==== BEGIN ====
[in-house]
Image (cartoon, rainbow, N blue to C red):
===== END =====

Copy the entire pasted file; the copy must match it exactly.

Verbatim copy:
[in-house]
Image (cartoon, rainbow, N blue to C red):